Job Interview Homework Assignments

March 6, 2020

Job Interviews are hugely stressful events — both for the interviewee and the interviewer. This is probably one of my least favorite tasks as a manager because it is so hard to put aside any preconceived notions I may have about the individual and concentrate fully on their responses. That’s why I like homework assignments.

There are always the standard array of questions that we pepper the interviewee with. In addition, there are situational questions. These may or may not have a ‘correct’ answer, but the interviewer is looking at how they answer the questions. For instance:

  • Which charity do you admire? Why?
  • Tell me about a time when you went “above and beyond” the call of duty to get a job done
  • What is your worst nightmare project? How did it go wrong? What was your response? What did you learn from this?
  • If you could change one decision you made in the past 2 years, what would it be?
  • What aspects of fundraising are energizing for you? What aspects are less energizing?
  • Tell me about a situation where your work was criticized

Consequently, the resulting answers from these questions likely narrow the field down to two or three. (That being said, there is usually a front-runner in your mind.) So, for Phase II of the interview process, I always have the finalists answer a homework question (I usually give three or four days to complete).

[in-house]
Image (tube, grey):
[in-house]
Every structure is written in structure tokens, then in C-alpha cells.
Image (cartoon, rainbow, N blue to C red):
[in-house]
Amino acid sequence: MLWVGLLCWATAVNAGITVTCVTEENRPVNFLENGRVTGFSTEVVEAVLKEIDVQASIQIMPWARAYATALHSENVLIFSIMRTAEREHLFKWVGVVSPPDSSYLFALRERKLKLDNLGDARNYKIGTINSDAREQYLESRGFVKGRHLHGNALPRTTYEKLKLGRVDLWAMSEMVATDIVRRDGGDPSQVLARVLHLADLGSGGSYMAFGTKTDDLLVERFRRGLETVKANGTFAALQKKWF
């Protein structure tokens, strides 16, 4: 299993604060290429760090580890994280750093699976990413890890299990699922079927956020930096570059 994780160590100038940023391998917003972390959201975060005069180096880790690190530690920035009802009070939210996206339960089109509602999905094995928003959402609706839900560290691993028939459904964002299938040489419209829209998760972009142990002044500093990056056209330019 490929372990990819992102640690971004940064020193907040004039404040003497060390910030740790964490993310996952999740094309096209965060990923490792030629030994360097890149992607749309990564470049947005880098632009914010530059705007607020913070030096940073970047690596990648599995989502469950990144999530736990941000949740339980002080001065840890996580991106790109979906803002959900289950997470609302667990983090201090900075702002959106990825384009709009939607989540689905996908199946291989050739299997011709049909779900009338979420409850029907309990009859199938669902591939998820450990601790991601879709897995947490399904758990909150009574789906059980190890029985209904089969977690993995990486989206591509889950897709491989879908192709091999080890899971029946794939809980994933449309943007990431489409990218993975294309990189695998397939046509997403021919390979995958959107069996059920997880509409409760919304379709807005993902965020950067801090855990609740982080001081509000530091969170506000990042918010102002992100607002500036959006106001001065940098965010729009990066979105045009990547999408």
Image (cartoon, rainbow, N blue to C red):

Homework for a Direct Mail Position

The assignment is to create a Direct Mail appeal for us that focusses on the ABC campaign (a sub-campaign that is run annually). This task would (hopefully) accomplish a few things:

  • See if the finalist researches your organization and is able to pull pertinent data (your website, therefore should be accurate and up-to-date).
  • Test the finalist’s writing skills. Are there typos? Have they captured your organization’s tone?

For a Stewardship Position

Create a stewardship plan for donors that give to our organization through monthly gifts for a 12-month period. This would:

  • See if the finalist researches what is being done currently — again, your website needs to be a helpful tool
  • Test the finalist’s ability to create a thoughtful plan

Consequently, these tasks show the interviewer the finalist’s thought process. Are they planning something without regard for what has historically happened? Are they thinking outside of the box? Have they captured the tone of your organization?

Most importantly, all of these tasks in the homework assignments above have helped me to recruit and retain some of the best colleagues out there.

I hope this helps you.